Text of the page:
1. The state should provide incentive funds to accelerate the implementation of the “Redesign” through activities such as the development of performance-based assessments, rewards for K-16 faculty, accreditation of teacher education programs, and the development of continuing professional development for all K-16 educators.
  2. Higher education teacher preparation programs should receive national accreditation
  3. Initial teacher certification should include performance-based assessments measuring knowledge in academic areas and pedagogy.
  4. Students entering teacher preparation programs should complete an extensive student teaching internship in a professional development school.
  5. Local school systems should provide career-long professional development, improved student learning, local school system goals, and the individual school’s improvement plan.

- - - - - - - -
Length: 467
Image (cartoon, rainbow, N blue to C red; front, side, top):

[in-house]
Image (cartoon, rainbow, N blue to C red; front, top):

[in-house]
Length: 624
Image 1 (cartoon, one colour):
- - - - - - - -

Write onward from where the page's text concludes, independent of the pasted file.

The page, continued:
6. The business community should provide visible and active leadership and advocacy for K-16 professional development.
  7. The higher education faculty reward structure should fully credit participation in the reform of K-16 education.
  8. Additional resources should be targeted for schools that work primarily with underserved children.

In developing its recommendations, the design team adopted a broad view of professional development and its role in education reform. From this perspective, professional development requires partnerships among schools, higher education institutions, and other appropriate entities to enable teachers to develop further expertise in subject content, teaching strategies, uses of technologies, and other central elements in teaching to high standards. Further, professional development must be accessible statewide as part of the effort to improve and integrate the recruitment, selection, preparation, initial licensing, induction, ongoing development and support, and the advanced certification of educators. Finally, according to the design team, professional development should be evaluated based on its impact on teacher effectiveness and student learning, and this assessment should be used as a guide for subsequent professional development efforts. This comprehensive set of recommendations builds on and reflects the perceived continuum of teacher development and linkages with state policy-making bodies already underway in the state.